The Impact of Camp Employment on the Workforce Development of Emerging Adults


  • Mat D. Duerden Brigham Young University
  • Peter Witt
  • Barry Garst
  • Deb Bialeshcki
  • Tori Schwarzlose
  • Kara Norton


workforce development, camp staff, adolescent employment, emerging adults, and camp employment


EXECUTIVE SUMMARY: The literature indicates a workforce readiness gap exists for both high school and college graduates. Findings suggest that employment in residential camp settings is one way to encourage positive workforce development. While a large body of literature supports the developmental benefits of camp for youth, fewer studies have investigated the impacts of camp on camp staff. Therefore, the purpose of this study was to explore the impact of camp employment on the development of workforce-related skills and to identify the elements and processes of camp employment that facilitate or impede this development. Given the deficiencies noted in the readiness of the emerging workforce (Casner-Lotto, Barrington, & Wright, 2006; Lippman, Atlenza, Rivers, & Keith, 2008), it is important to identify contexts and experiences that can promote workforce readiness among emerging adults. Camp appears to provide the types of experiences and benefits that would position it as an effective workforce-development context. While the majority of camp-related research focuses on youth participants, a growing body of literature, including the present study, supports the importance of understanding the impact of camp on camp staff. In this qualitative study, researchers used a focus-group methodology to collect data from 21 individuals who had worked in a variety of camp settings. Study participants described a range of positive impacts associated with camp employment that have direct implications for workforce development, including gains in skills related to interpersonal interactions, communication, problem solving, and leadership. In creating a camp environment conducive to workforce development, special attention should be paid to the factors and processes at camp identified in this study that both hinder and facilitate staff development. Facilitators of positive growth included developing intrinsic motivations for working at camp, being forced out of one’s comfort zone, participating in the supportive camp community, and receiving positive feedback. Constraining elements included long work hours, working under poor management, and personal relationships among staff that reduced focus and engagement. When structured correctly, camp appears to be a prime context for the development of essential workplace skills. Camp administrators can use the information presented in this study to structure the employment experience for their emerging adult staff in ways that will make camp an important stepping stone in their workforce development path.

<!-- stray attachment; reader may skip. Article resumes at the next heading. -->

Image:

Author Biography

Mat D. Duerden, Brigham Young University

Assistant Professor
Department of Recreation Management
Marriott School of Management
Brigham Young University